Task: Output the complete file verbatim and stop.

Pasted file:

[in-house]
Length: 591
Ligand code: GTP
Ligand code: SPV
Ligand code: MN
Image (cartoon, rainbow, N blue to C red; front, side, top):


[in-house]
Length: 591
Ligand code: GTP
Ligand code: SPV
Ligand code: MN
Image (cartoon, rainbow, N blue to C red; front, side, top):